Wednesday 9 May 2018

Day 23 - April 23rd Huinco to unnamed place. Tough day's push and cycle!

April 23rd, 2018

Hot, hazy and sunny day that clouds over mid-afternoon.

Up at 5:30 a.m. again and after making sure my room is tidy and the bed made, I set off in the semi-dark. Today will be the toughest yet with steep roads but there will be new birds to see and incredible scenery to explore. I pass the dam by the hydro-electric plant and am delighted that progress up the initial steep zig zag road is easier and quicker than I thought it would be. An early start has also meant that it is is cooler as the Sun is yet to reach down here in the valley, although I can see it's progress as the hills to the west start to be bathed in sunlight.

As the road climbs higher and higher the views get more spectacular. One particular incredibly deep gorge would be a major tourist site if in the UK. Here this magnificent gorge, carved by the river Eulalia, is followed by another and another with beautiful valleys between them.

Variable Hawks, American Kestrels and seedeaters I see as I cycle and push, cycle and push. The Sun arrives at my level and immediately the heat is on. A Miner is on the road ahead of me, scuttling along, I get great views before it flies over the rocky edge and down the cliff descending to the riverbed far below. 

A Thick-billed Miner, a brilliant bird to get I feel and so feel elated. I carry on pushing and cycling, pushing and cycling. Greenish Yellow Finches alight upon a cliff's rocky protrusions, another bird for the list.

The rock layers are so distorted along sections of the road, incredibly bent and twisted, what forces can do such?

Views all the way along the road are magnificent and the Sun makes shadows and changes of tone. Beautifully the road clings to cliff edges. I had thought that The Manu Road would be the only one like this that I would encounter. How wrong I am.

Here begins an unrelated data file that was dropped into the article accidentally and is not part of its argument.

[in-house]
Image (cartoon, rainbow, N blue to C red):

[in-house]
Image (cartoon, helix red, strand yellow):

I arrive after a couple of hours at a closed and boarded up cafe which is beside an incredibly deep cleft in the rock. There is a short bridge and standing here in a gale force wind emanating from far below, I stand as around twenty Andean Swifts dash about at terrific speeds.
Miles pass, the road gets rougher, dustier and steeper. The valley gets narrower and the feeling of claustrophobia makes me imagine falling rocks. New birds appear and are photographed and watched. 

Streak-throated Bush Tyrants chase each other by the river, perching on twigs and branches. Andean Condors, eleven of them, appear flying high over the ridge tops. A Black-bellied Swallow flies around catching flies over the river. A Black Metaltail is a new hummingbird.
Eventually the afternoon reaches the moment when the shadows from the descending Sun reach further than just the valley floor and it starts to get cold. Rain starts to fall and I put up the tent but the rain quickly stops. I decide to camp here and go birding for the last hour or so of light. I find a superb, surely one of the best drakes anywhere, male Torrent Duck, who is being followed everywhere by two attendant female birds. I photograph and film them. Fabulous to watch the females subservient displays towards the splendid male.

Green Year list : 125 birds average new birds to list per day : 5.43 birds

Distance cycled : 10.87 miles

elevation up : 6,922 feet, down 4,324 feet

altitude : 8,696 feet

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